Thanks to rigorous conservation efforts the Chough is now showing signs of recovery, although progress is painfully slow. The RSPB reports that in 2014 there were 394 breeding pairs spread across the British Isles, up from 284 in 1982, and of these, 30% were found on the Isle of Man. As the figures below demonstrate, numbers of breeding pairs on the island almost doubled between those two years.

 19822014
Isle of Man60118
Wales142215
Scotland7253
England07
Northern Ireland101
TOTAL284394
SOURCE: RSPB Website, retrieved 27/06/2020

Choughs can be found at various locations on the Isle of Man, but when we visited in June 2018 our best sighting was at a coastal site called the Chasms, where the sandstone cliffs are incised by deep fissures. It’s a scenic but exposed and windswept spot, where purple heather, low-growing shrubs and coarse grasses hug the ground to avoid being battered into submission and then unceremoniously deposited into the Irish Sea.

The juvenile Chough is a scruffy-looking bird with less vivid colouration than the adult

The cliff-top vegetation is ideal habitat for Choughs, and we were treated to excellent views of a couple of adults probing about in it for grubs and bugs. There was also a juvenile, a scruffy-looking bird reminiscent of a moody teenager indifferent to his appearance, its bill less brightly coloured than those of adult birds, and its plumage lacking their glossy black lustre. Click the link below to view the short video I made of the Choughs we spotted at the Chasms.

After around 30 years of birdwatching it’s unusual for us to add a new species to our British Isles life-list, so seeing these striking birds for the first time felt like a special privilege. Thank you, Isle of Man!

* * *

Researching this post, I’ve discovered lots more stuff about the Chough, some of it rather surprising. Read on and find out more.

Choughs in Cornwall

Before Covid-19 wrecked our plans, we’d intended to renew our acquaintance with Choughs during an April visit to Cornwall, England’s most westerly county. The Cornish have a special affection for these birds, which, as the table above shows, have made a comeback in the 21st century after becoming locally extinct in 1973.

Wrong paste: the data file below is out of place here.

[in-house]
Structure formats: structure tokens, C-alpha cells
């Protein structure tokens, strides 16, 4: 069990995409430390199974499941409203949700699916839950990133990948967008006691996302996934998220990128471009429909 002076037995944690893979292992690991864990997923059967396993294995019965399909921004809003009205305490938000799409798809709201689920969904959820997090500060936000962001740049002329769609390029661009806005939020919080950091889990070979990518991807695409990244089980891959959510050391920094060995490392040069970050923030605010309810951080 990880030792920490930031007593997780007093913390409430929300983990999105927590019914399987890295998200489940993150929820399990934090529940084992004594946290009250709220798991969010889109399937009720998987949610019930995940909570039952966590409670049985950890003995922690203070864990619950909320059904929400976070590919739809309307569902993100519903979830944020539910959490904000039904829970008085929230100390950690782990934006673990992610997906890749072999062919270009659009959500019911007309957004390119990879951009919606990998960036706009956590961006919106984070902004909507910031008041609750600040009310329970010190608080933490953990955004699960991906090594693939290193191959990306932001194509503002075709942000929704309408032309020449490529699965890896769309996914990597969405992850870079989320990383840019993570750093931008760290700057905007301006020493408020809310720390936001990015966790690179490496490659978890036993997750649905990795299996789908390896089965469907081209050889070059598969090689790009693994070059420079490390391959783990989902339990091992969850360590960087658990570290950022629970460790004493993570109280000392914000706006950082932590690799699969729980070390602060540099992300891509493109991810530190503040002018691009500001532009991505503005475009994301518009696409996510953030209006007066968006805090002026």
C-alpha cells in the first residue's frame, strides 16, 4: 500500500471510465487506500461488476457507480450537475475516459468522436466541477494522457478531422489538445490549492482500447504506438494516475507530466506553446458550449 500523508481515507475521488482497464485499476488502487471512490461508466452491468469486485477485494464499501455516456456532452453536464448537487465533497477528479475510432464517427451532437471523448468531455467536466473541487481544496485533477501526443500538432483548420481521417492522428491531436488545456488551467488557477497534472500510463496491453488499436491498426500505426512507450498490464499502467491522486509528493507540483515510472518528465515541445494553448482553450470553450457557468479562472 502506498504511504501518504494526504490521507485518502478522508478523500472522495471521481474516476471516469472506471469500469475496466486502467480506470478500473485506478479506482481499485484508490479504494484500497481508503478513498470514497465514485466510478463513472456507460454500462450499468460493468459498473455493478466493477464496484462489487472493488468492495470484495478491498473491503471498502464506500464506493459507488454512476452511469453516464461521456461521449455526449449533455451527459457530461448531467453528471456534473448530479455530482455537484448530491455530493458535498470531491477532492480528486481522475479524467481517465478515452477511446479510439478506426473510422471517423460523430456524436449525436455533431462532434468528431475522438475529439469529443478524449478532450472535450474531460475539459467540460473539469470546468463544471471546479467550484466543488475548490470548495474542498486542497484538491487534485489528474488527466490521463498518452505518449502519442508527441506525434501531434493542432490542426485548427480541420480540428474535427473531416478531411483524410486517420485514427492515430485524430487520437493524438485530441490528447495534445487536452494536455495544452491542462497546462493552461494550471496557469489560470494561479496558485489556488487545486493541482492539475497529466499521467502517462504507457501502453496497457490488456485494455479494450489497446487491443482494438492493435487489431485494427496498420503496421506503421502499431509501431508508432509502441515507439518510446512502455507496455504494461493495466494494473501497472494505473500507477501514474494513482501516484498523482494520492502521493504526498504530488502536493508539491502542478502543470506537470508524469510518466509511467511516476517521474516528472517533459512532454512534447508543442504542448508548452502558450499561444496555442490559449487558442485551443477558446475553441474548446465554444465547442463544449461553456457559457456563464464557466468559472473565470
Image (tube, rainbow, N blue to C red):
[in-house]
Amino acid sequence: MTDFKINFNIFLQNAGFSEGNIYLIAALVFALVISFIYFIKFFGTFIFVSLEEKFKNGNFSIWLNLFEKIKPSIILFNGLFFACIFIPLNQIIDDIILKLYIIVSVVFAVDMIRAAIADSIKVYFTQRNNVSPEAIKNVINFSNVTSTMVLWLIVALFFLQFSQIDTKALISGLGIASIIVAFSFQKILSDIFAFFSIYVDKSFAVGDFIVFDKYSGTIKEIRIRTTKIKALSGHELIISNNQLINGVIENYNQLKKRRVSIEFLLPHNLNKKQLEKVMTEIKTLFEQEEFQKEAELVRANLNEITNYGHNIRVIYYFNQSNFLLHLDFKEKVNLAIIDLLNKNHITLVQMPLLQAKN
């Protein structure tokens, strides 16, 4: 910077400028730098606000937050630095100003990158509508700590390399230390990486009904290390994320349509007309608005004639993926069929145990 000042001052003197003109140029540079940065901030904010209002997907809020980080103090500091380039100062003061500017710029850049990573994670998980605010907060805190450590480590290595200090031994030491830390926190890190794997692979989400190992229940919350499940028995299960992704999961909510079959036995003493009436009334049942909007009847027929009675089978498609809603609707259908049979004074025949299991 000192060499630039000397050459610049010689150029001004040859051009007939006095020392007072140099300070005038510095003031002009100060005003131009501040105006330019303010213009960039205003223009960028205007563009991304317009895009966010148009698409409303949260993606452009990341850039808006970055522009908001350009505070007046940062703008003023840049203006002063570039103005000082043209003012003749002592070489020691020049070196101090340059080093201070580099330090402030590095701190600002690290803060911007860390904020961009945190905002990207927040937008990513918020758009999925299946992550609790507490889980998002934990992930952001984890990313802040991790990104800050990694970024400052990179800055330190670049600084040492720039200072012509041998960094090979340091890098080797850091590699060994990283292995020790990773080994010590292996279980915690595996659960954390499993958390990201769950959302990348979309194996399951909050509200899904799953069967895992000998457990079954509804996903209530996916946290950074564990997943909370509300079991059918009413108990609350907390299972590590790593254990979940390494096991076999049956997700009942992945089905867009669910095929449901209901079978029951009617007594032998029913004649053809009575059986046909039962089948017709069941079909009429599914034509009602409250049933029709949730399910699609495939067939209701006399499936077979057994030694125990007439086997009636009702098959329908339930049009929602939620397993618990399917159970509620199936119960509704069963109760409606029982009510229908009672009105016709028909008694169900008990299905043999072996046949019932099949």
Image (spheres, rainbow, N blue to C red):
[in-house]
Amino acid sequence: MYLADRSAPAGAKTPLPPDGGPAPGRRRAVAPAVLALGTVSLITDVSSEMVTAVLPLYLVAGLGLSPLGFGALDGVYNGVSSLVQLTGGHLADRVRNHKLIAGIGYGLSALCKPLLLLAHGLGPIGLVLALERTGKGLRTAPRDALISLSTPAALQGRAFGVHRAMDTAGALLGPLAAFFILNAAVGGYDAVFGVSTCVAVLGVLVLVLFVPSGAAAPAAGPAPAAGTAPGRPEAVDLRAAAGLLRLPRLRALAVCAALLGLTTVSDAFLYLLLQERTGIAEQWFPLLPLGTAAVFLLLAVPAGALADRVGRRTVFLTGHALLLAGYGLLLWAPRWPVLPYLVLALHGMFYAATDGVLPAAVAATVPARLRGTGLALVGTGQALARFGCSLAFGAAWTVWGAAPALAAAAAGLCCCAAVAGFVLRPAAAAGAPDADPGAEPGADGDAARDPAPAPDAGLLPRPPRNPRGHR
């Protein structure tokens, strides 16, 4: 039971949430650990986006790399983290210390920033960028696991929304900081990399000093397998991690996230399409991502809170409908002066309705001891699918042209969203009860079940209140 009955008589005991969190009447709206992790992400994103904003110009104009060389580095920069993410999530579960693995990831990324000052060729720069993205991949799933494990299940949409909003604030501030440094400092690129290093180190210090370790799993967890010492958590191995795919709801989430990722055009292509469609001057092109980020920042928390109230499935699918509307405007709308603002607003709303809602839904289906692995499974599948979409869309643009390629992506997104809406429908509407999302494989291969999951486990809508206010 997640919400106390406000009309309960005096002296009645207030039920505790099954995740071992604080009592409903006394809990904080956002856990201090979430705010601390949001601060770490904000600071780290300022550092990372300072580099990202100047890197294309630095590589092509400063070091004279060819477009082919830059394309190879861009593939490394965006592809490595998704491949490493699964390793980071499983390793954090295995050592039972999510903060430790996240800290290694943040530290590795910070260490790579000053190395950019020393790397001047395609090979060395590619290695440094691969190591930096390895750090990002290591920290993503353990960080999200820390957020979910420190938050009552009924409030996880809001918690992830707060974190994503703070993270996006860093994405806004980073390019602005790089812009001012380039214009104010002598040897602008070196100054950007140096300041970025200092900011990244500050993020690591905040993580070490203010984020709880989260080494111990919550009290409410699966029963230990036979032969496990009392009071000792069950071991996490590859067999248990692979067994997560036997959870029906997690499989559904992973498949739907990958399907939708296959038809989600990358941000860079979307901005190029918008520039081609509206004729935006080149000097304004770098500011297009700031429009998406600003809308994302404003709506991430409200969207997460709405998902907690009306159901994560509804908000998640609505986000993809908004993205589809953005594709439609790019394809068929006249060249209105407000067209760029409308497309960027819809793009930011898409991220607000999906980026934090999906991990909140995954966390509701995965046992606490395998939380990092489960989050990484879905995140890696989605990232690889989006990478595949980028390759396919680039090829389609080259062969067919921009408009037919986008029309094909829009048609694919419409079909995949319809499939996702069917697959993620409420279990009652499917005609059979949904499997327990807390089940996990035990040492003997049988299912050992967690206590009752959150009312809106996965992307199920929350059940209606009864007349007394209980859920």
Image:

The Chough was once so common in Cornwall that it was known as “the Cornish Chough.” As such it became a symbol of the county, and featured in the heraldic arms of the County Council and several prominent local families. It also appears on the arms of the Duchy of Cornwall, the private estate of Prince Charles, the Prince of Wales.

File:Coat of arms of the Duchy of Cornwall.svg

The Coat of Arms of the Duchy of Cornwall. IMAGE CREDIT: Sodacan This W3C-unspecified vector image was created with Inkscape. / CC BY-SA (https://creativecommons.org/licenses/by-sa/4.0)

Historically the county’s rugged coastal landscape was well suited to these birds: sea caves and old mine shafts offered suitable nesting sites, while the ponies that worked at the tin and copper mines encouraged the proliferation of their invertebrate diet by grazing on the cliff-top grass.

However, the esteem in which these birds were held by Cornish people could not protect them from the combined impact of shooting, egg collecting, habitat degradation and the collapse of the mining industry.